While artificial intelligence is often described as an emerging technology, many companies have been using it for years. A new survey has found that nutraceutical industry leaders expect technological advancements such as machine learning to become the ‘new norm.’
A global industry survey conducted by India-based platform Nutrify Today and US-based marketing firm Baker Dillon Group, spoke with nutra leaders from the USA, Israel, Switzerland, Singapore, India, Hong Kong, and Japan.
Responders indicated that technological advancements in the industry will enable a more personalized approach towards nutrition over the next three years. Over a quarter of participants stated that they expect the development of highly accurate sensors will be possible through collaborations with the medtech industry.
The demand for such interventions is supported by recent market research which forecasts significant growth for personalized nutrition. In 2020, the worldwide market for personalized nutrition products was estimated to be worth 8.2 billion dollars. By 2025, the market is predicted to be twice that, according to Statista.
3D and AI
Another finding was that 12% of the respondents believe that profiling individuals and providing specific dosages and ingredients based on their individual requirements is possible via robotics and 3D printing. Fifteen percent of respondents also said they expect artificial intelligence to play a pivotal role in the nutra industry as well.
One company that is using both 3D printing and AI is Remedy. The personalized health tech company developed proprietary heptacombo 3D printing technology and a vegan encapsulation formula that combines ingredients into daily gummy stacks that are personalized via an online consultation and the company’s proprietary algorithm.
“3D printing is utilized in a whole range of industries, but 3D printing food items is a relatively under exploited area. Consumers are ever more technologically aware, with tech playing a key role in so many areas of people’s everyday lives, including many areas of personal healthcare. For many it feels a natural progression for the vitamins they take to utilize tech,” explained Melissa Snover, founder and CEO of Remedy Health.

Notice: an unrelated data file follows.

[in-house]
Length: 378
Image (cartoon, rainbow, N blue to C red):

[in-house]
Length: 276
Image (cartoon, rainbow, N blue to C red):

Amit Srivastava, founder of Nutrify Today, said he believes that the future of nutraceuticals will be centered on a personalization approach.
“Automated personalized nutrition where artificial intelligence will manage the nutrient needs and the source of ingredients will evolve into sustainable methodologies using biotech,” said Srivastava. “There are already early-stage entrants who are working on Nutra-tech. Nutraceuticals of the future will be a multi-disciplinary function of science which will drive personalized precision nutrition into habits of individuals rather than individuals changing habits to adopt something new.”
According to the survey, most of the industry leaders already believe that the existing early versions of nutra-tech products on the market have done well in the US. Precision nutrition using Nutra-tech is going to gain global significance in the future. With growing adoption of fingerprinting of phytoingredients, deployment of block-chain technologies, it will also change the agricultural sector with an increased demand for nutrition-rich.
While respondents appeared to be very optimistic, they did cite certain challenges such as a lack of skilled workers, the global regulatory framework as well as concerns about data privacy.
Respondents also said they are concerned about the high price tag of tech. However, as AI becomes more mainstream, it is also becoming more scalable. Additionally, the technology can often complete certain tasks more quickly and cheaply than humans could.
“In a complex environment with opportunity and challenges, it’s often the new generation of star- ups that drive innovation and the same is evident from all emerging success stories across the world,” said Srivastava. “Tech-nutra will be an innovation driven by start-ups and eventually there will be large nutrition conglomerates who will enter this segment by way of merger and acquisition.”
Whether it’s navigating the increasingly complex regulatory environment or using machine learning to customize vitamins, it’s clear the future of nutraceuticals lies in technology.